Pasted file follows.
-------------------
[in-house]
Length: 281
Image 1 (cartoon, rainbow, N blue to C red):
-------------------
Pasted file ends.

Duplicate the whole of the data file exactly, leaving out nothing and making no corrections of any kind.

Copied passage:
[in-house]
Length: 281
Image 1 (cartoon, rainbow, N blue to C red):